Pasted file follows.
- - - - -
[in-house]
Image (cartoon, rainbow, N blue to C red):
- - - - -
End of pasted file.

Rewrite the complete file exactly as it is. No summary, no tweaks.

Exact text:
[in-house]
Image (cartoon, rainbow, N blue to C red):